HILL: That is a very important question. I know you're still trying to get that answer, and you'll let us know when you do.

Meantime, you've been talking to so many people in the community, including a neighbor who said she knew the shooter was a troubled child. What did she tell you?

FLORES: She lived across the street. She saw Cruz grow up. And she said she saw a lot of warning signs as he was growing up. But it was one moment, Erica, that she describes Cruz standing over her dog Max as Max was convulsing and foaming at the mouth, that she said that she saw Cruz had this menacing, wild look about him, and she knew that it meant trouble. Take a listen.


GUARINO: He was pure evil. I was actually going to move when he turned 18. I did not want to live down the street from him knowing he was going to own a gun.

My husband and I both knew that it was not over, that we would eventually see him one day on the news wearing an orange jumpsuit, being charged with murder.

FLORES: You begged this officer to please do something.

GUARINO: I did. I did. I begged him. And he basically told me that it was not an immediate threat. He couldn't do anything, is what he told me. I remember him leaving and just thinking, my god, he's going to kill someone, and I can do nothing about it.


FLORES: Now, here's the back story about that phone call, Erica. She said that her son walked into her kitchen with a post on Instagram from Cruz that had a photograph of an A.R.-15-style rifle, and it said he couldn't wait to turn 18 to purchase one. Later, another post saying that he wanted to shoot up a school. Erica, that's when this woman says enough is enough, I have to call 911 and tell an officer about this. She says, as you just heard, that she begged the officer to do something and he told her that he couldn't do anything about it until he did something -- Erica?

[11:54:03] HILL: CNN's Rosa Flores with the latest for us there. Rosa, thank you.

Texas, it turns out, may not be quite as ruby red as once thought, raising the question, is Ted Cruz's reelection bid in trouble? Stay with us.


HILL: Is Texas changing to a lighter shade of red? And if so, what does that mean for a very important Senate seat?

CNN political director, David Chalian, joining us with a key race alert.

Bottom line, is Ted Cruz in trouble? What's going on?

DAVID CHALIAN, CNN POLITICAL DIRECTOR: I wouldn't say that Cruz is in trouble yet. What we're doing now, in our ratings of the Senate races, we're moving the Texas race from a solid Republican state to a likely Republican state, so it just downgrades it one category, downgrades it if you're a Republican. It is now in the light red category, which is just that, Erica. It's likely it ends up in Republicans' hands. Texas is a Republican state. But why are we doing this? The Democrat there, Congressman Ben O'Rourke, is on a fundraising fire right now. Has outraised Ted Cruz in the first 45 days of this year by 3-1 according to FCC reports. Obviously, Ted Cruz has a wide fundraising network. He can make up that money gap. But the overall picture we're seeing in 2018, Democratic enthusiasm, that is the -- the enthusiasm is advantage to Democrats, backed up by that fundraising number. Take a look at this Gallup map. It averaged President Trump's approval rating for all of 2017 across all 50 states. Look at Texas. Texas is below 40 percent approval, the Donald Trump average for all of 2017. It looks like Illinois, New York, Minnesota, California than it looks like some of the real deep, ruby red states that are part of the Trump base. The question is, is there something going on in Texas? It has time and again been losing the football for Democrats, but might this year, if there's a big Democratic way, might Ted Cruz have a tougher race on his hands than he expected? The answer is he might.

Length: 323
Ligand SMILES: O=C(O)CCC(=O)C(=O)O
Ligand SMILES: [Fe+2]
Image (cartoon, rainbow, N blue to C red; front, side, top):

HILL: Certainly, gives us something to watch.

David, appreciate it. Thank you. Good to see you.

CHALIAN: Thank you, Erica.

HILL: Thanks all of you for joining me.

"INSIDE POLITICS" with John King starts right now.

[12:00:06] JOHN KING, CNN HOST: Thank you, Erica.

And welcome to INSDIE POLITICS. I'm John King. Thank you for sharing your day with us.

One of President Trump's most trusted aides testifying this hour on Capitol Hill.